I Saw You (너를 봤어)

MAD SAD BAD (신촌좀비만화) – ★★★☆☆

MAD SAD BAD (신촌좀비만화)

MAD SAD BAD (신촌좀비만화)

Omnibus film MAD SAD BAD (신촌좀비만화) has the notable distinction of featuring not only three of Korea’s top name directors in the form of Ryoo Seung-wan (류승완), Han Ji-seung (한지승) and Kim Tae-yong (김태용), but also for serving as the opening film for the 15th Jeonju International Film Festival. The collective work is quite a landmark for an opening film due to the use of 3D, which is, in part, used to emphasis the new vision and production role of KAFA+ (The Korean Academy of Film Arts).

The three segments are each designed to explore human relationships through a connection to a form of popular culture. Director Ryoo Seung-wan helms the first short titled Ghost (유령), about a boy who is addicted to his cell phone; director Han Ji-seung is responsible for I Saw You (너를 봤어), which is concerned with a futuristic zombie apocalypse; and finally director Kim Tae-yong explores the life of a young girl with an autistic brother in Picnic (피크닉).

In the interest of fairness, each short within the omnibus has been reviewed individually, in the order in which they appear onscreen.

Ghost (유령)

Ghost (유령)

Ghost (유령) –  ★★★☆☆

Ghost depicts teenager Seung-ho (Lee David (이다윗) who is more concerned with the digital world of chat rooms, sms, and computer games rather than reality. When Woo-bi (Son Soo-hyeon (손수현), a girl from his chatroom, claims she is in danger from an abusive boyfriend, Seung-ho teams with Bi-jen (Park Jeong-min (박정민) to help her.

Based on a true story, Ghost is quite a departure from director Ryoo Seung-wan’s typically action-orientated projects, and he ably handles the focus on low-key personal drama. Scenes featuring Seung-ho’s bedroom are expertly filmed and wonderfully convey his fractured relationship with reality, while the social pressures from his school and father are competently expressed. However the tension that a film such as Ghost requires is curiously absent, particularly when Seung-ho and Bi-jen attempt to help Woo-bi. The use of 3D is also quite unnecessary  as the drama rarely features it effectively.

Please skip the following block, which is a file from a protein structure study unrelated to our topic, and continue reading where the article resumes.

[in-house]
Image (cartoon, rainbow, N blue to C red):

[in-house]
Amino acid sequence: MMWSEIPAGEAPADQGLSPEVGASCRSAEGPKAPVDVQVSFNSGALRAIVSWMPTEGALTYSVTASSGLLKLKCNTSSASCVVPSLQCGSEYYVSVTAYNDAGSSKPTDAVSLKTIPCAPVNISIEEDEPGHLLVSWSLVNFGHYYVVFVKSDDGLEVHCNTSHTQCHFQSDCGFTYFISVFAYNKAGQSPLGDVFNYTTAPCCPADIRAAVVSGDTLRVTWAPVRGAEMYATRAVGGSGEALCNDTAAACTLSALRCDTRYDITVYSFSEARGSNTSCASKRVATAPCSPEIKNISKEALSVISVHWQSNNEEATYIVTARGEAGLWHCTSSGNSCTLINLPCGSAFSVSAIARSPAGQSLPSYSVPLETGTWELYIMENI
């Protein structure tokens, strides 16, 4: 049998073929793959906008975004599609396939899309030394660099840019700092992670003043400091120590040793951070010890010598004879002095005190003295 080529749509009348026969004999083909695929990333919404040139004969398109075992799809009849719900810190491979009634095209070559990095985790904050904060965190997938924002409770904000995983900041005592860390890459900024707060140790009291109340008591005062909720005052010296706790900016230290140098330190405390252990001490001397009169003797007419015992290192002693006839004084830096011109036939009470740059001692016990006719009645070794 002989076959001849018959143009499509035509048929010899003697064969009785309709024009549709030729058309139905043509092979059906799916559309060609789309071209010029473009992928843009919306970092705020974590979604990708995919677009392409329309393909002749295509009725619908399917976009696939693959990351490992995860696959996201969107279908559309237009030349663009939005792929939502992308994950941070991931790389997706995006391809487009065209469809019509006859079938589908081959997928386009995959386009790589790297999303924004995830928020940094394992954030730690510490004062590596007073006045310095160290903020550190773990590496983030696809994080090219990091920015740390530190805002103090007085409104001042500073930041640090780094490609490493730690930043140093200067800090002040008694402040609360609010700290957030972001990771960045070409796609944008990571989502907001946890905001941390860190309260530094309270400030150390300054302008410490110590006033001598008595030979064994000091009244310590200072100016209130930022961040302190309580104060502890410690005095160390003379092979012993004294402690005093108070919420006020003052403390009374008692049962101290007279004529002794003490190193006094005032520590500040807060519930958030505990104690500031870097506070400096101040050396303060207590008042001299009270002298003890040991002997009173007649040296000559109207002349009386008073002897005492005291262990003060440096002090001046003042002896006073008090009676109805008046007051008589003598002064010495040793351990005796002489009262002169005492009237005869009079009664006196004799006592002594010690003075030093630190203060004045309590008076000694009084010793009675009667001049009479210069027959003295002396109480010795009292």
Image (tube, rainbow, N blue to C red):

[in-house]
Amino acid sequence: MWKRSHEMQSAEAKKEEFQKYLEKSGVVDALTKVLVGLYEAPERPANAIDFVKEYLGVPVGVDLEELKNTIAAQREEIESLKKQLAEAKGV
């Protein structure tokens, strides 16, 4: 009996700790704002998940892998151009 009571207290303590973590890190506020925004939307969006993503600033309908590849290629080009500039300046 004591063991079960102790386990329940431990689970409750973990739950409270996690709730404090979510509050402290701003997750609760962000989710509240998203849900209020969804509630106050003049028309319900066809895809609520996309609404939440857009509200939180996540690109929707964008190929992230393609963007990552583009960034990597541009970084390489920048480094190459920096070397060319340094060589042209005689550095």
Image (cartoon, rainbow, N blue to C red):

Luckily the ever-reliable Lee David holds everything together well, with his likeable ‘everyman’ charm again forcing audiences to empathise with his plight. That said, the actor is never pushed into new territory and as such his performance doesn’t contain the intensity of his prior work, yet Lee David does what he can with the material on offer. It’s Park Jeong-min, however, who gives a wonderful performance as the socially inept Bi-jen. Complete with thick-rimmed glasses, protruding jaw and nervous ticks, Park’s characterisation is a radical departure from his previous roles conveying angst and social-dislocation with aplomb.

I Saw You (너를 봤어)

I Saw You (너를 봤어)

I Saw You (너를 봤어) – ★★☆☆☆

In the not-too-distant future, zombies have emerged causing catastrophe in their wake. Yet the arrival of a cure for the affliction has allowed the undead to rejoin society. Factory manager Yeo-wool (Park Ki-woong (박기웅) presides over zombie laborers, pushing them to work harder and harder. When a zombie named Si-wa (Nam Gyoo-ri (남규리) attempts to communicate with him, Yeo-wool begins to understand their connection.

Director Han Ji-seung’s I Saw You is certainly the weakest within the omnibus. Poorly scripted, badly acted, and featuring precious little depth, the superficial rom-com-zom is a hollow experience. Director Han’s ambition is clearly bigger than his budget, yet instead of scaling down the film into a more focused piece he has constructed a poor imitation of a large production, one where the narrative veers wildly resulting in a lack of interest in the central couple. There is an attempt to emphasise the importance of memory as with Eternal Sunshine of the Spotless Mind, yet it becomes lost amongst the various narrative tangents and oddities.